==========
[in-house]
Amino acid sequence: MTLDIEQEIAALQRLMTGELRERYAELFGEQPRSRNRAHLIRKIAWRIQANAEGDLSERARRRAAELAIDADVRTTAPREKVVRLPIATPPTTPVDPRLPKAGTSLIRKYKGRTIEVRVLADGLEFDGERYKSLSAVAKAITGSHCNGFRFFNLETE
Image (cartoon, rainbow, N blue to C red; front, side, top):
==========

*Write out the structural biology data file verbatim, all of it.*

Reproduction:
[in-house]
Amino acid sequence: MTLDIEQEIAALQRLMTGELRERYAELFGEQPRSRNRAHLIRKIAWRIQANAEGDLSERARRRAAELAIDADVRTTAPREKVVRLPIATPPTTPVDPRLPKAGTSLIRKYKGRTIEVRVLADGLEFDGERYKSLSAVAKAITGSHCNGFRFFNLETE
Image (cartoon, rainbow, N blue to C red; front, side, top):